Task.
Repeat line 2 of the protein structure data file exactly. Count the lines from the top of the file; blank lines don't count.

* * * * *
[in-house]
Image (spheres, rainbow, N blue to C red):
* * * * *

Image (spheres, rainbow, N blue to C red):